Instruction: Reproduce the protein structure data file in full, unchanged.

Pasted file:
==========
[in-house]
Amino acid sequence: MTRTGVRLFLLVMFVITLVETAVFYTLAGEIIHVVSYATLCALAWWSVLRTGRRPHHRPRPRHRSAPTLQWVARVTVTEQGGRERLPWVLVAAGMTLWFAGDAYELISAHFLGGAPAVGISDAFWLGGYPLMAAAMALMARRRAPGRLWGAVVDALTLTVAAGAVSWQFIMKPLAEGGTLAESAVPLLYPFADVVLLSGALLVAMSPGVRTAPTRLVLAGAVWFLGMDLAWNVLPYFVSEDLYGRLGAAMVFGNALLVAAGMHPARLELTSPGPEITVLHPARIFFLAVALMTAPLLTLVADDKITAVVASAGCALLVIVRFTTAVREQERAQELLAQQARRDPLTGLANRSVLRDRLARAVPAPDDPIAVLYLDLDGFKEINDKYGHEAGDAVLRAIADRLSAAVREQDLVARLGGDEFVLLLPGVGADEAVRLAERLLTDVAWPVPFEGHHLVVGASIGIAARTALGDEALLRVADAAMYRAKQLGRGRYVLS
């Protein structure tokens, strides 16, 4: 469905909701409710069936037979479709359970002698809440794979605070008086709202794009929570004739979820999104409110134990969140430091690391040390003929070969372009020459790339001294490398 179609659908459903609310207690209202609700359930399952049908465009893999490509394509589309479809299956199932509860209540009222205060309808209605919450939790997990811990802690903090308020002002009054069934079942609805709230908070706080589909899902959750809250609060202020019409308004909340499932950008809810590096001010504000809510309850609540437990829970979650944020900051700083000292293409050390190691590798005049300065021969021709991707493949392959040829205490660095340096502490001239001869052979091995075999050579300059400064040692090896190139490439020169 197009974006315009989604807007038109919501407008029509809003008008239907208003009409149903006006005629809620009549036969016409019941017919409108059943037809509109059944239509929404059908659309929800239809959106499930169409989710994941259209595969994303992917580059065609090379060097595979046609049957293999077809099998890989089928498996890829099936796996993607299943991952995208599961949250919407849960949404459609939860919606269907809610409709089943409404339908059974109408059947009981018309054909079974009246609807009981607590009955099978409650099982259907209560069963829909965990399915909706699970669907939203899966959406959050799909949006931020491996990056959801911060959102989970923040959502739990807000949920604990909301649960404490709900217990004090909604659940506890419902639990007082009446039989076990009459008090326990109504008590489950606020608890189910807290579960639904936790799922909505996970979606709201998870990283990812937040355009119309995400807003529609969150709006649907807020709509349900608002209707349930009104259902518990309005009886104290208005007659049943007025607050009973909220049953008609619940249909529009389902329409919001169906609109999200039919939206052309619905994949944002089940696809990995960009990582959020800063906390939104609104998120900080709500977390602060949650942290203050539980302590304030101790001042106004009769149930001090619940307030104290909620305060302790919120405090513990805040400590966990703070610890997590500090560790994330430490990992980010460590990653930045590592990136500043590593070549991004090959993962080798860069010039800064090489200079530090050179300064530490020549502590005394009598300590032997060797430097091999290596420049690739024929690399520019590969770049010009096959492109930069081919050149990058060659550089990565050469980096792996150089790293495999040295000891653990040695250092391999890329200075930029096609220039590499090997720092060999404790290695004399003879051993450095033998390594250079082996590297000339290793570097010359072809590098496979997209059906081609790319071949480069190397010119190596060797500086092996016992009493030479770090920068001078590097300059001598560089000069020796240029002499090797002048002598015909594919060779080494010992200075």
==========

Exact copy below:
[in-house]
Amino acid sequence: MTRTGVRLFLLVMFVITLVETAVFYTLAGEIIHVVSYATLCALAWWSVLRTGRRPHHRPRPRHRSAPTLQWVARVTVTEQGGRERLPWVLVAAGMTLWFAGDAYELISAHFLGGAPAVGISDAFWLGGYPLMAAAMALMARRRAPGRLWGAVVDALTLTVAAGAVSWQFIMKPLAEGGTLAESAVPLLYPFADVVLLSGALLVAMSPGVRTAPTRLVLAGAVWFLGMDLAWNVLPYFVSEDLYGRLGAAMVFGNALLVAAGMHPARLELTSPGPEITVLHPARIFFLAVALMTAPLLTLVADDKITAVVASAGCALLVIVRFTTAVREQERAQELLAQQARRDPLTGLANRSVLRDRLARAVPAPDDPIAVLYLDLDGFKEINDKYGHEAGDAVLRAIADRLSAAVREQDLVARLGGDEFVLLLPGVGADEAVRLAERLLTDVAWPVPFEGHHLVVGASIGIAARTALGDEALLRVADAAMYRAKQLGRGRYVLS
């Protein structure tokens, strides 16, 4: 469905909701409710069936037979479709359970002698809440794979605070008086709202794009929570004739979820999104409110134990969140430091690391040390003929070969372009020459790339001294490398 179609659908459903609310207690209202609700359930399952049908465009893999490509394509589309479809299956199932509860209540009222205060309808209605919450939790997990811990802690903090308020002002009054069934079942609805709230908070706080589909899902959750809250609060202020019409308004909340499932950008809810590096001010504000809510309850609540437990829970979650944020900051700083000292293409050390190691590798005049300065021969021709991707493949392959040829205490660095340096502490001239001869052979091995075999050579300059400064040692090896190139490439020169 197009974006315009989604807007038109919501407008029509809003008008239907208003009409149903006006005629809620009549036969016409019941017919409108059943037809509109059944239509929404059908659309929800239809959106499930169409989710994941259209595969994303992917580059065609090379060097595979046609049957293999077809099998890989089928498996890829099936796996993607299943991952995208599961949250919407849960949404459609939860919606269907809610409709089943409404339908059974109408059947009981018309054909079974009246609807009981607590009955099978409650099982259907209560069963829909965990399915909706699970669907939203899966959406959050799909949006931020491996990056959801911060959102989970923040959502739990807000949920604990909301649960404490709900217990004090909604659940506890419902639990007082009446039989076990009459008090326990109504008590489950606020608890189910807290579960639904936790799922909505996970979606709201998870990283990812937040355009119309995400807003529609969150709006649907807020709509349900608002209707349930009104259902518990309005009886104290208005007659049943007025607050009973909220049953008609619940249909529009389902329409919001169906609109999200039919939206052309619905994949944002089940696809990995960009990582959020800063906390939104609104998120900080709500977390602060949650942290203050539980302590304030101790001042106004009769149930001090619940307030104290909620305060302790919120405090513990805040400590966990703070610890997590500090560790994330430490990992980010460590990653930045590592990136500043590593070549991004090959993962080798860069010039800064090489200079530090050179300064530490020549502590005394009598300590032997060797430097091999290596420049690739024929690399520019590969770049010009096959492109930069081919050149990058060659550089990565050469980096792996150089790293495999040295000891653990040695250092391999890329200075930029096609220039590499090997720092060999404790290695004399003879051993450095033998390594250079082996590297000339290793570097010359072809590098496979997209059906081609790319071949480069190397010119190596060797500086092996016992009493030479770090920068001078590097300059001598560089000069020796240029002499090797002048002598015909594919060779080494010992200075």